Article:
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GenSpotters’ Book Review: Beyond Brutal Passions. Prostitution in Early Nineteenth-Century Montreal by Mary Anne Poutanen

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At the outset of the nineteenth century in Montreal, the elites were wondering about the objectives of sending prostitutes to prison. Was it about dissuasion or rehabilitation? According to the prisoners themselves, jail fulfilled a need. First of all, it provided social welfare to destitute and homeless people which, most of the time, were elderly, mothers and their children, as well as prostitutes. For women of this era, running a brothel or living off the avails of prostitution were means to have access to the basics: food, clothing, and a roof. Several historians have studied prostitution—either for Québec or for the rest of Canada—but few actually covered the first half of the nineteenth century.

Poutanen's essay is divided in two parts. The first one discusses women accused of prostitution, the second one emphasizes on the judicial system's procedures related to the lodging of a complaint against the presumed prostitutes.

The first three chapters are about the places where women lived and worked. The author addresses prostitution's social geography, prostitution at home and in brothels, and street prostitution.

As for chapters four to seven, they focus on the relation between the plaintiff, the accused and several authorities from the justice system. Poutanen outlines the administrative complexity related to the filing of a complaint against a presumed prostitute or a brothel keeper. She studies the complicated relationships between policemen, watchmen, and prostitutes, concentrating on court cases. Finally, the author explains punishments and the way they evolved during this period.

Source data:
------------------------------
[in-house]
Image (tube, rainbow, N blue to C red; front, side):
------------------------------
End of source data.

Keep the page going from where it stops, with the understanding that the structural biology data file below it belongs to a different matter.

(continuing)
This essay sheds light on the complex relationships between the women accused of prostitution and the society in which they were living and working. Beyond Brutal Passions portrays the unknown social environment, yet very real, that was prostitution in Montreal in the early nineteenth century. A relevant essay that is now essential on the subject.

Poutanen, Mary Anne. Beyond Brutal Passions. Prostitution in Early Nineteenth Century Montreal, McGill-Queen’s University Press, 409 pages.

The Elusive Lady

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While I was looking for one of my ancestors on the Web, I was in for a total surprise. I did manage to find the man but certainly not where I thought I would. I stumbled upon this history thesis about domestic violence in Montreal during the first half of the nineteenth century1.

Jean Detouin's name was mentioned therein but not for the reason you are thinking: he was not a violent man but rather a victim as someone attempted to kill him and burn his house. He had resigned himself to make a complaint against… his own wife!